In this case, the 2 waves that are the same frequency, but 180° out of phase, cancel each other out. This is a simplified example, but if you have 2 waves that are 90° out of phase with each other, they are called quadrature carrier waves. If the amplitude of these 2 waves are modulated, and then summed together, you get 1 wave that can be said to be modulated in both phase and amplitude. This is essentially how QAM works to encode data. The receiver analyzes the wave, and has corresponding list of binary data that each waveform can correspond to, based on its phase and amplitude. These datasets are binary, and the receiver may say "if the wave is 135° out of phase and has an amplitude of 25%, this corresponds to binary "01". If the wave is 45° out of phase with an amplitude of 75%, this corresponds to binary "10", and so forth. This is how data is sent and received using QAM. One issue that you have to account for in QAM is error correction. Radio signals are prone to environmental deterioration like reflection, refraction, multi-path etc. Think of it like when you scream inside of a cave, because you really haven't lived until you scream inside of a cave. Your voice bounces off all of the walls and other crap around you, and becomes distorted. This same thing happens with other radio signals. The higher number of waveform/symbol possibilities you have in the QAM scheme, the more difficult this error correction becomes. The number of possible symbols in a QAM scheme are prepended to the name (16-QAM, 256-QAM, etc). The higher the QAM scheme, the more 'dense' the possibilities are, and the more difficult it is to error correct. You may have to re-read this paragraph a few times and look at my highly accurate MS paint drawings again, because there is no real easy way to describe QAM other than "The amplitude of 2 out of phase waves are modulated and then summed up for a phase and amplitude modulated carrier wave that is then mapped to corresponding symbols on a polar graph", or possibly more simple "Radio waves are dicked with in a predictable way where they mean numbers on the receiver". Here's a sample 4-QAM graph of this.
Now that we know how the devices can share the airtime, and encode data to transmit to a receiver, how do they do this securely? There are a bunch of encryption schemes out there, but the one that is most prevalent in modern household wifi networks is WPA2-PSK, or Wifi Protected Access 2 with Pre-Shared Key. The goal is to prove to the AP that the station knows the WiFi password without ever sending it over the wire, and to generate a unique key used to keep the data encrypted form other stations on the same WiFi network. This unique key (called a pairwise transient key, or PTK) is constructed by combining the following information: Pairwise Master Key (WiFi password), random number generated by AP, random number generated by endpoint, AP hardware address, endpoint hardware address. Looking at this information, all of the information should be known to both the AP and endpoint, except for the random numbers. The first step is that the AP sends the client a random number, in which case the client now has all of the information needed to construct the unique encryption key to be used. The endpoint then sends its random number to the AP, which provides it will all of the information needed to construct that same encryption key to be used. Since these keys rely on a shared secret (wifi password), it is possible to prove that the client knows the key by creating matching calculations, without ever having to send the password over the wire. After the PTK is established between the AP and endpoint, the AP then sends the endpoint what's called the Group Temporal Key (GTK) to the endpoint encrypted with the newly established PTK. The Group key is used for communications that the AP needs to make to all of the stations, such as asking everyone a question, or telling everyone a new piece of information. This way, there can be both a shared encrypted communication medium, and also a personal encrypted communication medium. Here's yet another diagram to depict this.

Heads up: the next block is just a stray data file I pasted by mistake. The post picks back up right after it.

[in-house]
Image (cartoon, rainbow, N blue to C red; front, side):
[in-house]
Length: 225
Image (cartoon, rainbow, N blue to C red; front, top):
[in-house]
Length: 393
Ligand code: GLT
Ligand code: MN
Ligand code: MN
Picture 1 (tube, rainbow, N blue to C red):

So yeah, now you know some of the incredible technology developed for you to order a gallon of fox piss on your phone. THE END.